Wednesday, November 4, 2015

It's your one way ticket to midnight

For the ears, not the garden...
When a comment becomes a post.  JN asks:
[Do you compost] paper with ink on it?
TL;DR:
Yes.

Long answer:
Before I started, I looked long and hard at that, because I had read that inks weren't safe, newspaper was bleached, all that fun stuff. But while everyone was saying it, very few people actually linked to a source. It was just one of those things that everyone knew. Or at least said.

Having worked in a print shop, I was suspicious of the claim that modern inks are dripping with heavy metals just waiting to kill you. The vast majority of inks today are made from soy, and the 'glossy' paper is generally covered with kaolin clay, not plastic. Kaolin is inert and will break down easily if your paper is shredded.

BPA in the ground has a half life measured in hours: An important result of the degradation study was that, independent of the soil type, 14C-BPA was rapidly dissipated and not detectable in soil extracts following 3 days of incubation. So shredding that Walmart receipt is probably ok.

As one of the few articles that actually uses sources noted about PCBs: Since all carbon sources take up PCB 11 from the air, and it is present everywhere, that really leaves us with no uncontaminated source of carbon-rich material. Like cadmium, PCBs can be found in inks in small traces, but because it's in the air, it's found in small traces in everything, including your garden plants, which take it up through the air much more easily than they do through the roots*.


Is there risk that something bad for you is going to get into your shred through inks?  Absolutely. 

But as there's no way to completely avoid pollutants, it's really a matter of risk management. I look at it this way: if you don't worry about your kid chewing on a magazine page, there's no need to worry that he'll be harmed when that same page is shredded, rotted, run through a worm or roly poly**, mixed in with a ton of other things, then used by a plant that then goes into his mouth.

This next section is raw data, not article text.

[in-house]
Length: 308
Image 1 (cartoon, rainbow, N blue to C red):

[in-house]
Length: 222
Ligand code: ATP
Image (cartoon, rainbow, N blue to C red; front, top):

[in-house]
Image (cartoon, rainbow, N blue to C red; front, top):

If you don't mind that the melted cheese from your pizza touches the box, why would you mind if the box ends up in the garden?

I strip out plastic windows, plastic tape, obvious metal inks (magnetic and fluorescent), but otherwise I don't worry about it too much.

UPDATE: On a completely related subject -- and going the other way -- is the prospect of what David the Good calls killer hay. There are herbicides used in agriculture that even once they pass through plants, then animals, then compost, will still kill your garden.

That stuff is probably in your super-meat pizza: in the sausage, the cheese, the tomato-based sauce, and the dough. You might just be safer eating the box.


* So if you want to keep PCBs out of your garden, bury the newspaper paper instead of burning it.
** Which bugs remove heavy metals, like cadmium, from the soil.

4 comments:

  1. "You might just be safer eating the box"

    My favorite pizza is Dominos. According to some people I wouldn't notice the difference.

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  2. Good stuff. I want to do more of this, but I can't seem to train the underlings to keep the compostables separate from the other stuff.

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  3. No matter what you do, someone will say you are doing it wrong. I am not sure if the goal is to get the rest of us to give up (I have been accused of that, if wrongly) or whether there is another goal. In my case, I just advise that starting and finishing on the right foot or not doing it at all (or at least not claiming something as a good) is the best way. But I go bey that, to my knowledge.

    As for food though, I think Christ sort of put an end to that. It is what comes out of your mouth, more or less, not what goes in it (with definite caveats which didn't need mentioning in His time). *cough* Are you listening, pope? *cough* Which... as someone who has to go hungry from time to time, is quite an important issue. While I like fresh, healthy, nutritious... I will take what I can get, if and when I can even eat or make food. Though when I can manage quinoa and rice, even that is better than fast food by a long shot.

    Oh, I wanted to mention that it was interesting to see the author of that book. I picked it up when Vox mentioned it, or... for the third or fourth time, just as a lark. Haven't read it, yet anyway. Still, curious to see who. Seems like a bit of a... well... folksy/hippie sort. Rambling... Later.

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  4. You might just be safer eating the box

    Once again, we are reminded exactly where we are in this upside-down alchemical progressive utopia that is the 21stCent.

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